The habitability of the planet will change. It is the terrible observation ofOnce you know, directed by Emmanuel Cappellin, released in theaters this Wednesday. For eight years, the documentary maker traveled to the four corners of the world to meet experts and scientists (Jean-Marc Jancovici, Susanne Moser, Pablo Servigne…) to try to understand the ecological crisis we are experiencing.
Humanity is embarked on a process that is beyond itself, but it still has the possibility, as a society, to adapt to the climatic upheavals to come. Emmanuel Cappellin plunges his camera into the privacy of his emotions to connect the viewer to his. Through this sensitive exploration, he offers some keys to help us positively transform the feeling of desolation caused by the environmental crisis. An overwhelming odyssey that has the effect of a big slap (necessary).
Once you know is the first mainstream documentary to talk head-on about collapsology, why did you decide to put the spotlight on this subject?
At the start, I didn’t have the same words to talk about this subject. I started the movie in 2012. It was a movie called Those who know, on climate scientists and energy experts. And it became Once you know. I stopped hiding behind the scientists and started speaking in first person. The second change was reading Pablo Servigne’s book, How everything can fall apart. I said to myself, I must talk about what is going through me, the climatic collapse, which is of the order of the irreversible. Pablo Servigne helped me to put simple words on what I was trying to tell, like “collapse” and “collapsology”, and to assume it in the film.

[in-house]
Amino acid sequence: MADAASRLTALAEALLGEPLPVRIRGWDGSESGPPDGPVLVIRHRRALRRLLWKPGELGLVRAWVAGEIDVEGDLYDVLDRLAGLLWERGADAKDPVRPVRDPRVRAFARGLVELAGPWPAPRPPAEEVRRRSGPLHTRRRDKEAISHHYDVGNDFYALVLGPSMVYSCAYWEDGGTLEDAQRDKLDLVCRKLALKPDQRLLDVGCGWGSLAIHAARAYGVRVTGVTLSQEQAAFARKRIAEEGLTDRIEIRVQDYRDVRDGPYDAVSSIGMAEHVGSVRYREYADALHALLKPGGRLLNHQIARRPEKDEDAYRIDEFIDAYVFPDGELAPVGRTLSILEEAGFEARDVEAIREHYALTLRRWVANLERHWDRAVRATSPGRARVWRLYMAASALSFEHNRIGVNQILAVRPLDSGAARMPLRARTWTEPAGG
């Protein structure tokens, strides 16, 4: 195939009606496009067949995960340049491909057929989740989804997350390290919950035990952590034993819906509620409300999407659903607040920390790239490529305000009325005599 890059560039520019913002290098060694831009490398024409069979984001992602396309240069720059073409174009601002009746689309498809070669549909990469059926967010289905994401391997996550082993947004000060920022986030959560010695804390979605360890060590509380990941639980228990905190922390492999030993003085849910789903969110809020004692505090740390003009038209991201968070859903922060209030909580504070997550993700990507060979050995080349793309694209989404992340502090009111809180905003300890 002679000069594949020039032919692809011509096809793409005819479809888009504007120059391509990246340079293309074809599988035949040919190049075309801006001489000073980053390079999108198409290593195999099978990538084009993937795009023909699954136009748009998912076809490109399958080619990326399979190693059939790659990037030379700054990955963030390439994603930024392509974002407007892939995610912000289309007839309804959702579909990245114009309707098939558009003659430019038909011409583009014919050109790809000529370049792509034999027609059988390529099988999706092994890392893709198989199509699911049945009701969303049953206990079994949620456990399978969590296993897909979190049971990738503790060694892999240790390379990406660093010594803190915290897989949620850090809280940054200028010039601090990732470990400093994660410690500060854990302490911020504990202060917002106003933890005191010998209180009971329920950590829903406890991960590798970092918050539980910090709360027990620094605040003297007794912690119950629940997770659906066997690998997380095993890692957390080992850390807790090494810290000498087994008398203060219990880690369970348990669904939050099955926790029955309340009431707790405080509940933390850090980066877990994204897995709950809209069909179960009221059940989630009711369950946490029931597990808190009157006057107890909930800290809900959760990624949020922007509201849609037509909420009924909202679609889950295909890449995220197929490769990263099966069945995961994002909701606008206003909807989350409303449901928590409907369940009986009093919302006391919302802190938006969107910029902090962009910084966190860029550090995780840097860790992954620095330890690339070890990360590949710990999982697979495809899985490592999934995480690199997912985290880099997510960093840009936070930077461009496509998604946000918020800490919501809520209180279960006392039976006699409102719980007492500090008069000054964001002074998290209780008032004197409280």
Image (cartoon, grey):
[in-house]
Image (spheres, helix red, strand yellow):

Are you not afraid that the brutality of the words paralyzes the public, unlike a film like “Demain”, by Cyril Dion and Mélanie Laurent, which had succeeded in creating momentum among the general public?
Anne-Marie Sangla, with whom I wrote and directed the film, invited me to open the end to possibilities. I wanted it to be a proposition, as dotted as possible, to prevent the viewer from immediately attaching to a solution. There is no solution. As we live in a globalized system, we cannot move the problem elsewhere, so we would like to move it into the future. The hope is that others will solve our problems. We have developed a support campaign with a network of animators throughout France who intervene in theaters to collect people and cuddle them. And we centralize this work on the rootsderesilience.org platform. Not to be alone with these questions, it is very important. Are you ruining people’s lives or does everyone know “the king is naked” and we just need someone to say it? For many people, the king has been naked for a very long time. It does them good to know that they are not the only ones to see that the guy is naked.
“We’re going to change the habitability of the Earth, that’s for sure. It will take centuries and we will constantly be in a process of adaptation ”
Your film begins with your own awareness of global warming and its impact on your daily life. Why not have chosen to explore this issue of solastalgia a little more deeply, the psychological distress caused by environmental changes?